Invasive Species Compendium

Detailed coverage of invasive species threatening livelihoods and the environment worldwide

Abstract

Invasion and current distribution of the octocoral Carijoa riisei (Duchassaing & Michelotti, 1860) in the Ecuadorian coast (eastern tropical Pacific).

Abstract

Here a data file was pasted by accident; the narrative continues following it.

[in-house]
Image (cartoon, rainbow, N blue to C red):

Carijoa riisei is a snowflake coral that has aggressively spread across many coastal habitats in the Atlantic and Pacific oceans, threatening a number of tropical ecosystems worldwide, including coral reefs. The aim of this work was to evaluate the distribution and provide an estimation of abundance of the invasive octocoralC. riisei along the Ecuadorian coast, as well as the relationship between its abundance and different environmental variables. In a field survey, high abundances of C. riisei colonies were reported growing over corals and sessile communities at 5 of 43 sampling sites. The areas with highest relative abundance were found in the Manabí province, at two sites in Jama: Bajo Londres (44.57% coverage) and Vaca Brava 1 (20.25%). Results of ordination and grouping statistical analyses showed no significant differences between invaded and not invaded sites as regards community composition or environmental characteristics, suggesting neither biotic nor abiotic factors could be limiting C. riisei dispersal along the Ecuadorian coast. Results from a bibliographic survey covering occurrence data up to 2020 were in accordance, showing that in that period C. riisei became an established species to the Ecuadorian coast, being present in at least 22 of the 43 sites, including various sites in Marine Protected Areas. Based on these findings, recommendations are made to promote urgent monitoring programs to detect C. riisei in new areas along the coast of Ecuador and in the Galapagos Marine Reserve, in order to develop a mitigation program and to take actions to conserve the ecosystems affected by this invasion.